This compelling research review touches on the contemporary debates in macroeconomics that have consequentially emerged as a result of government debt. Should governments tolerate high public debt or become more indebted given the now prevailing low interest rates? Or is high public debt bad for private sector confidence and growth, by feeding uncertainty, expectation of future tax hikes and an imminent collapse in the wake of the next crisis? This review presents a collection of articles reflecting on these complex and intriguing topics. This review will be useful for policy makers and academics alike, while being particularly suited for those wishing to explore this exciting research area further.
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Edited by Samuel Cameron
A Research Agenda for Cultural Economics explores the degree of progress and future directions for the field. An international range of contributors examine thoroughly matters of data quality, statistical methodology and the challenge of new developments in technology. This book is ideal for both emerging researchers in cultural economics and experienced practitioners. It is also relevant to workers in other fields such as cultural policy, public policy, media studies and digital economics.
This impressive research review discusses the most important contributions by some of the leading scholars in the field of poverty measurement. It analyses what constitutes poverty and associated poverty measures, as well as conceptual and empirical approaches to set poverty lines for both national and international settings. The papers discussed in this research review also discuss national and international income poverty measures, multidimensional poverty indices, and ways to capture poverty dynamics.
Nanak Kakwani and Hyun Hwa Son
This research review offers an insight to some of the most important questions economists and policymakers have been grappling over. A substantial amount of research has been carried out using cross-country regression models, resulting in a better and improved understanding of the linkage between economic growth and poverty reduction. The literature on cross-country regressions, however, has led to conflicting conclusions. Reconciling diverging messages makes it difficult to accurately inform policy-making. Based on a selection of influential papers, this volume provides a critical review of the literature. Scholars who envision a world free of extreme poverty will find this analysis particularly valuable.
A Guide to Qualitative Comparative Analysis
Lasse Gerrits and Stefan Verweij
Infrastructure projects are notoriously hard to manage so it is important that society learns from the successes and mistakes made over time. However, most evaluation methods run into a conundrum: either they cover a large number of projects but have little to say about their details, or they focus on detailed single-case studies with little in terms of applicability elsewhere. This book presents Qualitative Comparative Analysis (QCA) as an alternative evaluation method that solves the conundrum to enhance learning.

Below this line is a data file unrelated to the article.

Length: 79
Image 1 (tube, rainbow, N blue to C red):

Tools of the Trade
Edited by Scott Farrow
Teaching Benefit-Cost Analysis provides detail and inspiration that extends and clarifies standard textbooks. Each short, self-contained module includes guidance to additional sources while many also provide class exercises. Classes for advanced undergraduates, practitioners, or Masters students could especially apply these tools of the trade.
Factors that Shape the Demand and Supply of Taxes
This groundbreaking book analyzes how the ecology of taxation is fundamental for the success or failure of tax systems. It specifically focuses on the role of the ecological environment on taxation; the factors that determine the ecology of taxation; and how the ecology of taxation has changed and may continue to evolve. The implicit, important conclusion is that there are no permanent or universal optimal tax theories: all theories are related to this ecology.
Using Foreign Aid to Delegate Global Security
Jean-Paul Azam and Véronique Thelen
This book offers a unique and insightful econometric evaluation of the policies used to fight transnational terrorism between 1990 and 2014 using a sample of 124 countries. It proves that foreign aid plays a crucial role by inducing recipient governments to protect the donors’ political and economic interests within their sphere of influence. In contrast, US troops on the ground are counter-productive as they increase the supply of terrorist attacks from the host countries, even though this effect has been significantly reduced by the Obama administration.
Evaluating Privatisation, Regulation and Liberalisation in the EU
Edited by Massimo Florio
Network industries such as electricity, gas, rail, local public transport, telecommunications and postal services are recognised by the EU as crucial for fostering European social and territorial cohesion. Providing an overview of key policy reforms in these industries and an empirical evaluation, this thought-provoking book offers a critical perspective on the functioning of the networks that provide vital services to EU citizens.
Achieving Fiscal Sustainability
Edited by Naoyuki Yoshino and Peter J. Morgan
Sustainable and inclusive growth in emerging Asian economies requires high levels of public investment in areas such as infrastructure, education, health, and social services. The increasing complexity and regional diversity of these investment needs, together with the trend of democratization, has led to fiscal decentralization being implemented in many Asian economies. This book takes stock of some major issues regarding fiscal decentralization, including expenditure and revenue assignments, transfer programs, and sustainability of local government finances, and develops important findings and policy recommendations.